1st October – A GIRL MUST LIVE
On the screen – for seven days – A GIRL MUST LIVE – is a 1939 British romantic comedy film directed by Carol Reed and starring Margaret Lockwood, with supporting cast Renee Houston, Lilli Palmer, and Hugh Sinclair. Based on the 1936 novel by Emery Bonett with the same title, the plot features a group of chorus line girls who compete for the affection of a distinguished bachelor. The film was based on a novel by Emery Bonnett published in 1937. Gaumont British bought the rights and decided to make the film as one of their 12 “A class” features for 1937-38, made with an eye on the US market. Anna Lee and Lili Palmer were to be the original stars. Eventually Margaret Lockwood and Renee Houston were announced.
In support was MR MOTO IN DANGER ISLAND a 1939 American mystery film directed by Herbert I. Leeds and starring Peter Lorre, Jean Hersholt and Amanda Duff. It is part of the Mr. Moto series of films. The film was based on the novel Murder in Trinidad, but the setting was moved to Puerto Rico
8th October – THE MODERN MIRACLE
On the screen – for seven days – THE MODERN MIRACLE – was originally titled The Story of Alexander Graham Bell. It is a somewhat fictionalised 1939 biographical film of the famous inventor. It was filmed in black-and-white and released by Twentieth Century-Fox. The film stars Don Ameche as Bell and Loretta Young as Mabel, his wife, who contracted scarlet fever at an early age and became deaf. The first half of the film concentrates on the hero’s romantic, financial, and scientific struggles, starting in 1873. Most scenes are set in Boston and vicinity; a few late scenes are in London. Henry Fonda is notable in a supporting role as the “Mr. Watson” who hears the first words ever spoken over the telephone. In a pivotal scene, Bell (Don Ameche), while working on the telephone, accidentally spills acid onto his lap and shouts in pain, “Mr. Watson, come here! I want you!”. Watson, barely able to contain his own excitement, rushes into the room and stammers out the news that he heard Bell calling out to him over the telephone receiver. Bell has Watson repeat his own words to him to confirm it, and the two men begin hopping around the room, with Watson yelling out a war whoop. The last part depicts the legal struggle against Western Union over patent priority in the invention of the telephone, ending with a courtroom victory. The final scene has the hero contemplating manned flight, under his wife’s adoring gaze.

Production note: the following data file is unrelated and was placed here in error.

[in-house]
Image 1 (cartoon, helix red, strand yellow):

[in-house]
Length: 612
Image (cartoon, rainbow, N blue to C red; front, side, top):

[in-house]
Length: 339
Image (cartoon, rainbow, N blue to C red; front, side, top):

The supporting feature was THE JONES FAMILY IN HOLLYWOOD a 1939 American comedy film directed by Malcolm St. Clair and written by Harold Tarshis. The film stars Jed Prouty, Spring Byington, Kenneth Howell, George Ernest, June Carlson and Florence Roberts. The film was released by 20th Century Fox.
15th October -GOODBYE MR CHIPS
On the screen – for FOURTEEN days – GOODBYE, MR CHIPS – is a 1939 British romantic drama film directed by Sam Wood and starring Robert Donat and Greer Garson. Based on the 1934 novella Goodbye, Mr. Chips by James Hilton, the film is about Mr Chipping, a beloved aged school teacher and former headmaster of a boarding school who recalls his career and his personal life over the decades. Hugely successful at the box office it was produced for the British division of MGM at Denham Studios. Goodbye, Mr. Chips was voted the 72nd greatest British film ever in the BFI Top 100 British films poll. The film was nominated for seven Academy Awards for Outstanding Production, Best Director, Actor, Actress, Best Writing, Screenplay, Best Film Editing, and Best Sound. It was up against Gone with the Wind in all seven categories; Robert Donat won for Best Actor, beating Laurence Olivier, Clark Gable and James Stewart, though Goodbye, Mr. Chips lost to Gone With the Wind in five of the six remaining categories, while Mr. Smith Goes to Washington won Best Original Story. In 2003, the American Film Institute ranked Mr. Chipping the 41st greatest film hero of all time.